Group Financing Exemption is state aid breach

group financing exemption
© iStock/mbbirdy

The European Commission has found that a UK tax scheme, while partially legitimate, contains exemptions which are illegal under state aid rules.

The Controlled Foreign Company (CFC) rules, aimed at preventing companies based in the UK from avoiding paying UK taxes by establishing a subsidiary in a low- or no-tax region, allows authorities to redivert profits which had been paid into offshore subsidiary accounts back into the parent company’s UK accounts, from which the appropriate amount of tax could be extracted. Between 2013 and 2018, the UK introduced the Group Financing Exemption, which allowed multinational companies operating in the UK to transfer profits to a foreign parent company via offshore subsidiaries with partial or full exemptions from paying tax in the UK.

The Commission’s investigation found that the Group Financing Exemption was justified under EU state aid rules where income from a group company based overseas was financed with UK connected capital but no UK-based activities had taken place generating the financial profits. Arrangements of this nature were found to avoid the “complex and disproportionately burdensome” tracing exercises which would otherwise be necessary to determine the profits deriving specifically from UK funds.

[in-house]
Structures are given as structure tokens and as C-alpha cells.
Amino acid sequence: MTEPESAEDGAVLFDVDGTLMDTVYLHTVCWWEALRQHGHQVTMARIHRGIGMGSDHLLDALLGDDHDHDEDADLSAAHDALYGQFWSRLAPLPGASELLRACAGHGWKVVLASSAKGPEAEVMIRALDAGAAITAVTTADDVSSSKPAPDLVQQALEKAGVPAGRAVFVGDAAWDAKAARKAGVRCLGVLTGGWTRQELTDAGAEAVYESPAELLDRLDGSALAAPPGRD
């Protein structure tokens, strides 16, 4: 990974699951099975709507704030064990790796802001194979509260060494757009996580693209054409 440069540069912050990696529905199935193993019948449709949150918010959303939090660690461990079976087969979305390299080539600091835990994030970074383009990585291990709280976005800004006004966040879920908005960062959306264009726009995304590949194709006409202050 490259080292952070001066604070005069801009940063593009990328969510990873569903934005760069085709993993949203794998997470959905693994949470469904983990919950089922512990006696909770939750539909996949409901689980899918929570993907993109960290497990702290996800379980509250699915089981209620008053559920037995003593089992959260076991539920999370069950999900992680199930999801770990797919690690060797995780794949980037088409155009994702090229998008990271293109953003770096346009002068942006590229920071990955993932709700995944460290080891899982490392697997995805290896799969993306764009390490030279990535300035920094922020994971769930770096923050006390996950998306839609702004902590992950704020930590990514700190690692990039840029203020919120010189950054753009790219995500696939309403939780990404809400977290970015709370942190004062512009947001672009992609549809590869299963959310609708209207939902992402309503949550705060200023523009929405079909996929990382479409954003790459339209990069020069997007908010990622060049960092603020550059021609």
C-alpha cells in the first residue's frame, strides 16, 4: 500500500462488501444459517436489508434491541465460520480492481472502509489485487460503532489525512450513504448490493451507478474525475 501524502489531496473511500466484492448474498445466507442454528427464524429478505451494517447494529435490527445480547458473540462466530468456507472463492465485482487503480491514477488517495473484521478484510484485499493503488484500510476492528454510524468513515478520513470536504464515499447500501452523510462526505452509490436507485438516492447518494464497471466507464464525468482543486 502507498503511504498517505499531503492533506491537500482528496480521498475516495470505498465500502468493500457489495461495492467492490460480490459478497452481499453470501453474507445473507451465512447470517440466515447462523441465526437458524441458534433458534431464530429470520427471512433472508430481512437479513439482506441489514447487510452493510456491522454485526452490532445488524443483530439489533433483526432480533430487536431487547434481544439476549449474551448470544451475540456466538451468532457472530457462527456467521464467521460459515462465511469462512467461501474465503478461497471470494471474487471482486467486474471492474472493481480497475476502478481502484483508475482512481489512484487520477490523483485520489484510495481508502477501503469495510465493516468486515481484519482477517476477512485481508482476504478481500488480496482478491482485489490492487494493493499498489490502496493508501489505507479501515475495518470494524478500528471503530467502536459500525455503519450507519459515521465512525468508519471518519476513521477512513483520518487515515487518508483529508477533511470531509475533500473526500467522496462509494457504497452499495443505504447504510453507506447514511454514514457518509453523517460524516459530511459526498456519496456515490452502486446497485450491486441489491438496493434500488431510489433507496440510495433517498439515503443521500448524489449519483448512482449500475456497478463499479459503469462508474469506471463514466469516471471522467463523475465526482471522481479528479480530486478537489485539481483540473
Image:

Where income from a foreign group company channelled through offshore subsidiaries was derived from activities in the UK, however, the Commission declared that the tracing exercises necessary to determine what proportion of the profits had their roots in the UK were not excessively burdensome; and so the Group Financing Exemption was not justified in these instances. Multinational companies benefiting from the exemption while conducting activities in the UK, therefore, were found to have benefited from unduly preferential tax treatment.

Margrethe Vestager, Commissioner in charge of competition policy, said: “Anti–tax avoidance rules are important to ensure that all companies pay their fair share of tax. But they must apply equally to all taxpayers. The UK gave certain multinationals a selective advantage by granting them an unjustified exemption from UK anti–tax avoidance rules. This is illegal under EU State aid rules. The UK must now recover the undue tax benefits.”


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